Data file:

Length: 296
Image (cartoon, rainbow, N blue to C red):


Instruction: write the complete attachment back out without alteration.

Length: 296
Image (cartoon, rainbow, N blue to C red):